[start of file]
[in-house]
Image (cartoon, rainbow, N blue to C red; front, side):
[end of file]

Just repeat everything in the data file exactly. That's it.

[in-house]
Image (cartoon, rainbow, N blue to C red; front, side):